Professor Jahanbegloo interrogates the meaning of life amid pandemic pandemonium
Ashish Mehta | October 7, 2020 | New Delhi
The Courage to Exist
A Philosophy of Life and Death in the Age of Coronavirus
By Ramin Jahanbegloo
Orient BlackSwan, 96 pages, Rs 195
When China witnessed a new epidemic at the beginning of the year, we did not panic. There had been at least four such epidemics in this century itself, creating a scare, but leaving majority of the world unhurt. As the year progressed, the new virus reached every continent, the death count started soaring, and we entered an unprecedented age – the Age of Coronavirus.
The world has seen countless plagues and pandemics before, but this is the first in our lifetime. And we are fumbling for answers to pressing questions. Be it trivial questions (how long to keep grocery aside) to deep ones (when and how it all will end), it is humbling to realise that there are no answers, nobody has seen anything of this nature before, and there are limits to human power and control.
As Philosopher Ramin Jahanbegloo is well aware, anxiety and misery we are living through are not due to simply the realisation of the limits of our species’ capabilities, but due to the real and present danger to the very survival of the species. Though we ignore the fact, human existence on this planet is inherently fragile. And we do not know how to live with and through this Age.
“To live and die is simple. But to know how to live and how to die is not,” Jahanbegloo writes. While there are simply no answers, philosophers, sages and seers can help us in learning to make peace with our questions, and may even direct us to paths which can help us come to terms with this special edition of human condition.
Jahanbegloo, an Iranian philosopher who is no stranger to India for long and is now teaching at the OP Jindal Global University, seems to have taken up the mission of making philosophical quest and wisdom available to more and more people outside the academic campuses. His latest work, The Courage to Exist (Orient BlackSwan), is in the similar vein.
The landmarks along a remarkable journey offered by this small volume are ‘Living’, ‘Suffering’, ‘Dying’, ‘Resisting’ and ‘Solidarity of the Shaken’. Our guides on the way include an eclectic collection of thinkers ranging from Plato and Aristotle to Thoreau and Schopenhauer. From more recent times, Weil and Heidegger, Adorno and Levinas also throw light along the way. From the East, other than Gandhi, the Buddha too could have been played a role. Works of imagination too are welcome: Reading Homer and Shakespeare can teach us how to accommodate the vicissitudes of life.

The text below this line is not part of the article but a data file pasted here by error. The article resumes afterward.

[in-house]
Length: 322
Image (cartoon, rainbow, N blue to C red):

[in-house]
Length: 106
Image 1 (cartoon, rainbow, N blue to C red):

The first five chapters, in the tradition of intellectually uplifting self-help guides, equally work as an easy-flowing introduction to a stream of thought that takes philosophy as a way of life. Then, Jahanbegloo offers a thought to ponder upon before leaving us. It is a Greek word: Kairos.
“Ancient Greeks regarded Kairos as the opportune moment and the appropriate measure, as a critical point in time and space,” writes Jahanbegloo. Proposing the Age of Coronavirus as that opportune moment for mankind, a historical moment for stock-taking and course correction, he writes:
“The threat of the coronavirus should make us conscious of the existence of bigger threats that endanger human life. Among these, climate change is a deeper that will continue to be around the corner. It is time for humanity to understand that the consequences of its actions will be disastrous and catastrophic. What the coronavirus teaches us is that if humanity is to survive, this is the time for it to change its values, its prioirities, and its perspective.”
The platform that can achieve this nearly impossible task, for the author, is a politics that has the enlightened citizenry as its most crucial ingredient. It would have been worth the while to explore, following the Gandhian example, if certain traditions of religion and spirituality can aid such a conception of civic life. That will be a debate for another day.
This little volume, which is like a Covid-19 updated postscript to ‘Letters to a Young Philosopher’ (OUP, 2018), offers an exciting reading that not only provokes countless debates, but also explains models of ethical life in the face of an existential crisis. Indispensable reading for our times.
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Read a review of Ramin Jahanbegloo’s ‘Letters to a Young Philosopher’
Also, here is an interview with the author, on his ‘The Decline of Civilization’ (Aleph, 2017)
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